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WHO taught Salmasius, that French chattering
To aim at English, and HUNDREDA cry? [pye
The starving rascal, flush'd with just a hundred
English Jacobusses, HUNDREDA blunder'd:
An outlaw'd king's last stock.
A hundred more
Would make him pimp for th' antichristian whore;
And in Rome's praise employ his poison'd breath,
Who threaten'd once to stink the pope to death.


BECAUSE you have thrown off your Prelate Lord,
And with stiff vows renounced his Liturgy,
To seize the widow'd whore Plurality

From them whose sin ye envied, not abhorr'd, Dare ye for this adjure the civil sword

To force our consciences that Christ set free, And ride us with a classic hierarchy


*The note of Warton on this sonnet appears to me to be extremely unjust and severe. Milton denoted his indignation against the Presbyterians because they had deserted their own principles, continued many of the supposed abuses, and usurped much of the power of the church which they had overthrown in fact, the new Presbyter was more tyrannical than the old priest.

Taught ye by mere A. S. and Rotherford ? Men whose life, learning, faith, and pure intent Would have been held in high esteem with Paul, Must now be nam'd and printed Heretics By shallow Edwards and Scotch what d'ye call: But we do hope to find out all your tricks, Your plots and packing worse than those of Trent, That so the Parliament

May with their wholesome and preventive shears Clip your phylacteries, though bauk your ears,


And succour our just fears, When they shall read this clearly in your charge, New Presbyter is but Old Priest writ large.


A. S.] A polemical writer of the times, named 'Adam Steuart.' See the notes of Warton and Todd. Rotherford was one of the Chief Commissioners of the Church of Scotland; also sat with the Assembly at Westminster. He was Professor of Divinity in the University of St. Andrew's; wrote many Calvinistic tracts; and was an avowed enemy of the Independents. T. Edwards had attacked Milton's Plan of Independency in his Antapologia, 1644. On Rotherford. See Heber's Life of I. Taylor, ii. 203.

17 Clip] In the MS. the lines stand thus:

Crop ye as close as marginal P

Prynne's. Warton.

17 bauk] i. e. spare.


-'s ears ;—that is,



O NIGHTINGALE, that on yon bloomy spray Warblest at eve, when all the woods are still, Thou with fresh hope the lover's heart dost fill, While the jolly hours lead on propitious May. Thy liquid notes that close the eye of day,


First heard before the shallow cuckoo's bill,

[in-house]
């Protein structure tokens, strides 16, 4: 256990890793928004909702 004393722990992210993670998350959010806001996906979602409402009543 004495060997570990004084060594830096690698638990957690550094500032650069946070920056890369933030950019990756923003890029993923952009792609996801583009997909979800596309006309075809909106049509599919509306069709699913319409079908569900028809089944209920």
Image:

Portend success in love; O if Jove's will
Have link'd that amorous power to thy soft lay,
Now timely sing, ere the rude bird of hate

Foretell my hopeless doom in some grove nigh;
As thou from year to year hast sung too late
my relief, yet hadst no reason why:
Whether the Muse, or Love call thee his mate,
Both them I serve, and of their train am I.



DONNA leggiadra il cui bel nome honora
L'herbosa val di Rheno, e il nobil varco,
Bene è colui d'ogni valore scarco

Qual tuo spirto gentil non innamora,
Che dolcemente mostra si di fuora


5 close] Crashawe's Poems, The Weeper, st. xxiii. “Does

day close his eyes?" Todd.

De sui atti soavi giamai parco,

E i don', che son d'amor saette ed arco,
La onde l'alta tua virtu s'infiora.

Quando tu vaga parli, o lieta canti

Che mover possa duro alpestre legno Guardi ciascun a gli occhi, ed a gli orecchi L'entrata, chi di te si truova indegno;

Gratia sola di su gli vaglia, inanti

Che'l disio amoroso al cuor s'invecchi.


QUAL in colle aspro, al imbrunir di sera
L'avezza giovinetta pastorella

Va bagnando l'herbetta strana e bella
Che mal si spande a disusata spera
Fuor di sua natia alma primavera,

Cosi Amor meco insù la lingua snella
Desta il fior novo di strania favella,
Mentre io di te, vezzosamente altera,
Canto, dal mio buon popol non inteso

E'l bel Tamigi cangio col bel Arno.
Amor lo volse, ed io a l'altrui peso

Seppi ch'Amor cosa mai volse indarno.
Deh! foss' il mio cuor lento e'l duro seno
A chi pianta dal ciel si buon terreno.




imbrunir] Petrarch Canz. xxxvii. Imbrunir veggio la

sera.' Bowle.


RIDONSI donne e giovani amorosi
M'accostandosi attorno, e perche scrivi,
Perche tu scrivi in lingua ignota e strana
Verseggiando d' amor, e come t'osi?
Dinne, se la tua speme sia mai vana,
E de pensieri lo miglior t'arrivi ;
Cosi mi van burlando, altri rivi
Altri lidi t'aspettan, ed altre onde
Nelle cui verdi sponde

Spuntati ad hor, ad hor a la tua chioma
L'immortal guiderdon d' eterne frondi
Perche alle spalle tue soverchia soma?

Canzon dirotti, e tu per me rispondi

Dice mia Donna, e'l suo dir, é il mio cuore
Questa e lingua di cui si vanta Amore.


DIODATI, e te'l dirò con maraviglia,
Quel ritroso io ch'amor spreggiar soléa
E de suoi lacci spesso mi ridéa

Gia caddi, ov'huom dabben talhor s'impiglia. Ne treccie d'oro, ne guancia vermiglia

M'abbaglian sì, ma sotto nova idea

Pellegrina bellezza che'l cuor bea,





5 vermiglia] Tasso Aminta, act i. sc. 2, A le guancie vermiglie, come rosa;' and Comus, 752, ' vermeil-tinctured lip.'


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